Majiwa v Otieno (Civil Appeal (Application) E016 of 2021)  KECA 92 (KLR) (3 February 2023) (Ruling)
Neutral citation:  KECA 92 (KLR)
Republic of Kenya
Civil Appeal (Application) E016 of 2021
SG Kairu, JA
February 3, 2023
Martin Ooko Otieno
(Being an application for extension of time to file and serve record of appeal against the judgment of the Environment and Land Court at Mombasa delivered on 29th June 2018 in High Court Civil Case No. 179 of 2016 and that the record of appeal already filed be deemed as though it was properly filed within such extended time)
1.The applicant, Obare Majiwa, has by his application dated June 8, 2022 sought orders under rule 4 of the Court of Appeal Rules that the time limited for filing and service of the record of appeal be extended and that the record of appeal already filed be deemed as though it was properly filed within such extended time.
2.In his affidavit supporting the application, the applicant deposes that the judgment the subject of the intended appeal was delivered by the Environment and Land Court on June 29, 2018; that he was aggrieved and instructed his advocates then representing him, M/s Okanga & Company Advocates to file an appeal on his behalf; that on July 3, 2018, the said advocates filed a notice of appeal but “made no other step towards prosecuting the intended appeal”; that he made “numerous inquiries about the process on the intended appeal” but he was not given a proper status; that on further inquiry, he was “informed that there was an oversight on the filing process and that the memorandum of appeal had not been filed and the sixty days had already lapsed”; that he then decided to instruct the firm of M/s Gikandi & Company Advocates who prepared a memorandum of appeal dated January 20, 2021 and filed it in court on February 15, 2021.
3.The applicant deponed further that his application dated October 6, 2021 filed before the ELC in which he sought extension of time for his record of appeal to be deemed as properly filed was dismissed by that court in a ruling delivered on April 14, 2022 for want of jurisdiction, whereupon the present application was filed on June 14, 2022. He deponed that the claim before the ELC involved ownership of a Swahili house situated on unregistered plot No 23 Sosiani shopping center containing 19 rooms which formed part of the estate of his deceased father Ogola Majiwa upon whose death, the applicant’s stepmother, Margaret Aluoch Majiwa sold the property to the respondent without obtaining letters of administration of the estate of Ogola Majiwa.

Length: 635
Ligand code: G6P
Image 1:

4.I heard the application on November 7, 2022 when Mr Kabebe, learned counsel, appeared for the applicant. There was no appearance for the respondent despite service of notice of hearing on October 31, 2022.
5.Mr Kabebe orally highlighted the applicant’s written submissions dated September 14, 2022 in urging that the delay in filing the appeal was occasioned by the applicant’s previous advocates; that on the strength of the decisions of court in Belinda Murai & 9 others v Amos Wainaina  eKLR and Pithon Waweru Maina v Thuku Mugiria eKLR, the mistake of the advocate who caused the delay should not be visited on the applicant; that in the former case, there was a delay of 24 years relative to the delay of 2 years in the present case and yet time was extended.
6.It was submitted that the right of appeal is constitutional right under articles 50 and 163 of the Constitution; that the balance of convenience tilts in favour of granting the application and that the respondent will not suffer any prejudice if the application is granted.
7.I have considered the application, the affidavit in support, the written and oral submissions and the authorities cited. The legal standard against which the court considers applications of this nature is set out in Nicholas Kiptoo Arap Korir Salat v IEBC & 7 others, Supreme Court Application No 16 of 2014 eKLR where the Supreme Court expressed that extension of time is not a right of a party but an equitable remedy available to a deserving party at the discretion of the court; that the party seeking extension of time has the burden to lay a basis to the satisfaction of the court; that extension of time is a consideration on a case to case basis; that delay should be explained to the satisfaction of the court; whether there will be prejudice suffered by the respondents if the extension is granted; whether the application is brought without undue delay; and whether public interest should be a consideration.